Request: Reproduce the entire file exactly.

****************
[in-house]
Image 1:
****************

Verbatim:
[in-house]
Image 1: